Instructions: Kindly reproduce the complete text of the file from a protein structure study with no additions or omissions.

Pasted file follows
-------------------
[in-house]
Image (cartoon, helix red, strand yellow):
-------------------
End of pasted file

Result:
[in-house]
Image (cartoon, helix red, strand yellow):